I always knew I would go to college. Neither of my parents had the opportunity, so from an early age, they instilled the expectation that my siblings and I would go. I also felt confident of my path: teaching. I remember playing “school” with my younger sister, and taking turns being the student. When I reached middle and high school, my interests surrounded history, geography, and government. I had a goal: become a high school social sciences teacher.
Wondered How to Pay for College
My greatest concern was paying for it. I wanted to go to Doane College (now, University) because I learned they had a phenomenal teacher prep program, but the total cost (tuition, room & board, etc.) was around $20,000 a year. So, I made a plan to make applying for scholarships my second part-time job (after shelving books at the local library).
I started by searching for national scholarships the summer before my high school senior year, and made a few online profiles. (It has gotten so much easier to search for all this since 2002!) I quickly felt overwhelmed by the many applications, and realized I would need a system. The previous school year I had taken a computer course where I learned how to use an Excel spreadsheet. So, I used that tool to put my plan into place. I’d track each scholarship I was interested in applying for. I prioritized and organized my spreadsheet by application due date. It looked something similar to this:
I’d spend a few hours a couple weekends each month applying for scholarships. I quickly realized I just wasn’t getting the national scholarships (too many other students to compete against, I suppose), and by November of senior year, I shifted my focus to the local scholarships that my high school counseling office promoted.
Developed a System
After completing a few scholarships, it actually became fairly easy to apply. Most scholarship applications asked similar questions, so once I had perfected a few short one-paragraph essays, I’d simply make slight tweaks and knock out a handful of applications in the course of just a couple hours. I continued this through the spring, in anticipation of hearing replies in April and May.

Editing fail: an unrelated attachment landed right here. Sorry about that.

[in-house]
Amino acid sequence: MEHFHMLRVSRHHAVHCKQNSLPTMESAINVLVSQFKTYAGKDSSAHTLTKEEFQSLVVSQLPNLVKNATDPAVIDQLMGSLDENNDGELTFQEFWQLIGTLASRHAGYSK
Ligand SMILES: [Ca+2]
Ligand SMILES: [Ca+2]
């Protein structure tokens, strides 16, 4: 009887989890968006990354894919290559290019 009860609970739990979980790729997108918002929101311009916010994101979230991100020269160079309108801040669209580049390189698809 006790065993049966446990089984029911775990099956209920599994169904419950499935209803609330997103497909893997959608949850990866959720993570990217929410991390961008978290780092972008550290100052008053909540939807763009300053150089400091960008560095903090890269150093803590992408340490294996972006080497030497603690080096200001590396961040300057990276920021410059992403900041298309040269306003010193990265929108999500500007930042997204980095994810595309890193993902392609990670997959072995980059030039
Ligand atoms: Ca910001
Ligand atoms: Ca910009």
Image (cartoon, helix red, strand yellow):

Applied for College-Based Scholarships
I also spent significant time completing applications for my college. These were the largest dollar scholarships (one was $10,000 per year!), and I made sure to triple-check the directions and my response to them. After the most nerve-wracking interview of my LIFE (up to that point) with the director of admissions, I received notification that I got the $10,000 scholarship!!
And the winner is…
Finally, at my high school’s honors convocation a couple weeks before graduation, a school staff member read each graduating senior’s name and the list of the college scholarships they earned, while that student made their way to the stage. I still hadn’t heard from a number of local scholarship applications I had submitted, and many of them would be announced that evening. When it was my turn, I started the short walk to the stage to receive a congratulatory certificate. Imagine my surprise when they continued listing scholarship, after scholarship, after scholarship. I was SHOCKED to learn how many I had earned. Most were small $250 or $500 awards, but those small ones added up to several thousand dollars.
Made Applying for Scholarships a Part-time Job
I cannot encourage enough high school seniors to make applying for scholarships a part-time job. Just imagine if you spent 10 hours applying for scholarships and earn $1,000 in scholarships. That means you worked a job that paid $100 per hour! I can’t think of any other job that a high schooler can do to earn that kind of cash! I learned that putting in the time (and doing good work) usually pays off – literally (ha)!
Still Needed Student Loans
I still took out student loans when I attended college in the fall, but the amount was much smaller than I thought I might need. I spent my first three years out of college living my goal of teaching high school social sciences. Then my career path went a different direction, but I was partially able to make the switch because I didn’t have a heavy student loan debt burden. A college degree (and a good paying job that came because I had a degree) and lack of significant student loan debt has contributed to my family living in comfort. Scholarships made a huge contribution to my current success!